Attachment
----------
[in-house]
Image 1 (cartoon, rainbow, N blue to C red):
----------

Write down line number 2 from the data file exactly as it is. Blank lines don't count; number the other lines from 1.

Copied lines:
Image 1 (cartoon, rainbow, N blue to C red):